Archive for HIPAA News
On January 10, the U.S. House of Representatives passed H.R. 3811, the Health Exchange Security and Transparency Act of 2014. This bill would require the secretary of Health and Human Services to notify individuals of a health insurance exchange (HIE) security breach that results in the unlawful access of personally identifiable information (PII) within two business days.
In a January 9 statement, the Obama Administration opposed the bill because it would impose unrealistic and costly reporting requirements that would not improve the security of PII on HIEs. The bill was referred to the Senate.
Organizations responding to eFax’s Healthcare IT Pulse Survey ranked financial liability over HIPAA noncompliance (37%) as the biggest security concern related to sensitive data. Surprisingly, respondents were less concerned about exposing sensitive medical data (18%), according to the survey.
The majority of survey respondents (54%) say HIPAA compliance is the top concern related to the influx of paperwork attributable to the Affordable Care Act (ACA). The survey identified document management, organization, and record keeping (48%) as a secondary concern related to the ACA.
Online fax was identified by 42% of respondents as the most effective technology solution for HIPAA-compliant security for transmission of sensitive documents. Respondents also ranked the following technologies as the most valuable for ensuring HIPAA compliance:
- IT disaster recovery and offsite backup (48.5%)
- Private cloud (46.5%)
- Audit reports and tracking logs (44.4%)
- Online fax service (36.4%)
The Office for Civil Rights (OCR) is not adequately enforcing HIPAA, according to a report released by the U.S. Department of Health and Human Services Office of the Inspector General (OIG).
The OIG sought to determine whether OCR met the federal requirements for oversight and enforcement of the HIPAA Security Rule and whether the OCR computers used to oversee and enforce the Security Rule met federal cyber-security requirements. The OIG investigation found that OCR met the following Security Rule enforcement requirements:
- Providing covered entities (CE) with guidance to promote Security Rule compliance
- Establishing an investigation processes for reported Security Rule violations
- Following federal regulations for penalties for Security Rule violators
The report went on to state that OCR failed to do the following:
- Assess risks, establish priorities, or implement controls for periodic Security Rule audits of CEs, which is required by the HITECH Act.
- Maintain Security Rule investigation files that contain documentation to support key decisions. According to the report, this oversight is a result OCR’s inability to sufficiently review investigation documentation.
- Meet federal cyber-security requirements described in the National Institute of Standards and Technology Risk Management Framework.
The PHI of approximately 90,000 UW Medicine patients was compromised when a health system employee opened an email attachment containing malicious software (malware) in October, according to a statement on the UW Medicine website.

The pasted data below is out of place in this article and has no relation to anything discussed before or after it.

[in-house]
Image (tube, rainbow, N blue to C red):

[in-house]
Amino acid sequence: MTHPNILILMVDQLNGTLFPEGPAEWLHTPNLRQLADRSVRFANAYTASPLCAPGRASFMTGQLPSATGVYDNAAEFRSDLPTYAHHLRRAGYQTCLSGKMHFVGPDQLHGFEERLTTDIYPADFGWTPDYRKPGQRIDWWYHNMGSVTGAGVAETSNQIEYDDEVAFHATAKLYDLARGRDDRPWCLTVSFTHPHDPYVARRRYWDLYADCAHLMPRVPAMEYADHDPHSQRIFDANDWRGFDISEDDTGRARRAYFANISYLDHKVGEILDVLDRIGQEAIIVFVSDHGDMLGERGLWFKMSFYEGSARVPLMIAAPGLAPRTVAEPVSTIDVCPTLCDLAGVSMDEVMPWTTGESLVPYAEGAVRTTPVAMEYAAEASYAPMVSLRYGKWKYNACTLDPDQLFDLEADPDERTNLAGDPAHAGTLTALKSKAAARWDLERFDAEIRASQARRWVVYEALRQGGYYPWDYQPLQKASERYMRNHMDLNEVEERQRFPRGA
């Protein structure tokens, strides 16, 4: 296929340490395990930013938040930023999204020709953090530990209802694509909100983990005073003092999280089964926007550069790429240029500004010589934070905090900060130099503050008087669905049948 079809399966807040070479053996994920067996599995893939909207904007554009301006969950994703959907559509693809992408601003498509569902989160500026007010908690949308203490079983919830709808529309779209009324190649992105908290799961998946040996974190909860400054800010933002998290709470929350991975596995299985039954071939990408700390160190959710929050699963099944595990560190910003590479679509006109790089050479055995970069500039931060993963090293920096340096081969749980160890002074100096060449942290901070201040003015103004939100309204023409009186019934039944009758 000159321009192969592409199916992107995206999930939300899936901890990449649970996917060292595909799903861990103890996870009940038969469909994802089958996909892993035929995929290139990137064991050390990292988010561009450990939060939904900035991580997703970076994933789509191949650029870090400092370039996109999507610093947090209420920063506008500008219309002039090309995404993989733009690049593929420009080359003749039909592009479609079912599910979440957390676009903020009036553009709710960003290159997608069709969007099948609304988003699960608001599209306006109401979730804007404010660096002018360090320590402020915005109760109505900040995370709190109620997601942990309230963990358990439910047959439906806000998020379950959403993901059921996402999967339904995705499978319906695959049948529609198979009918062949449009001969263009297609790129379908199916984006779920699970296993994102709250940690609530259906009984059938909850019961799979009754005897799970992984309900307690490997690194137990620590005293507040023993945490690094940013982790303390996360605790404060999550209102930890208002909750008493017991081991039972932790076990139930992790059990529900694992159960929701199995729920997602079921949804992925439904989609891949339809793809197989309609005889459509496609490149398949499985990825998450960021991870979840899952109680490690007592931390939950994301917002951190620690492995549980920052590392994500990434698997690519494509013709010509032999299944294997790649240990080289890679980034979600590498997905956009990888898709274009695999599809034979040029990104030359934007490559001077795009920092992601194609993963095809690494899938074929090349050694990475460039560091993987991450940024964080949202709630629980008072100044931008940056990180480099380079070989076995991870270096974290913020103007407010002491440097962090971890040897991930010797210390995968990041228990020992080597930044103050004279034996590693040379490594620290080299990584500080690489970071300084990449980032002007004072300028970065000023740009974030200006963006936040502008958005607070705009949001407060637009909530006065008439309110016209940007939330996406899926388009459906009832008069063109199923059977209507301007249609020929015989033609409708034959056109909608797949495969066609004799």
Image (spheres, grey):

The malware accessed data from the health system’s Harborview Medical Center and University of Washington Medical Center patients. The files may have contained patient names, dates of birth, medical record numbers, addresses, telephone numbers, dates of service, amounts charged for services, Social Security numbers, and Medicare numbers where applicable, according to UW Medicine. The health system does not believe the breach was a targeted effort to obtain patient data, according to the statement.
With most of the provisions of the HIPAA omnibus rule now in effect, separating fact from fiction is important with respect to HIPAA compliance. HealthIT.gov recently published a list of the top 10 security risk analysis myths, and proceeded to set the record straight so covered entities and business associates can continue on their paths to compliance.
The following is a breakdown of the first five myths on the list:
- Myth: Security risk analysis is optional for small providers.
Reality: All HIPAA covered entities and providers who want to receive EHR incentive payments must conduct a risk analysis.
- Myth: By installing a certified EHR, you have fulfilled the security risk analysis meaningful use requirement.
Reality: You must perform a full security risk analysis of a certified EHR. Security requirements apply to all ePHI maintained by your organization, not just information stored in your EHR.
- Myth: Your EHR vendor took care of everything you need to do with regard to privacy and security.
Reality: Your organization is responsible for conducting a complete risk analysis. EHR vendors are not responsible for ensuring their products comply with the HIPAA Privacy and Security Rules.
- Myth: You must outsource the security risk analysis.
Reality: Small practices can often perform their own risk analysis by relying on self-help tools. However, a thorough risk analysis that stands up to a compliance review likely necessitates the assistance of expert knowledge outside your organization.
- Myth: A checklist will suffice for the risk analysis requirement.
Reality: Checklists can help you start your risk analysis, but cannot help you perform or document a systematic security analysis.